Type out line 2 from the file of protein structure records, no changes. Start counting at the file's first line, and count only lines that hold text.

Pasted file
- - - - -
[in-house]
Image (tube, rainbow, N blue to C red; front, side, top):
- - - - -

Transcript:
Image (tube, rainbow, N blue to C red; front, side, top):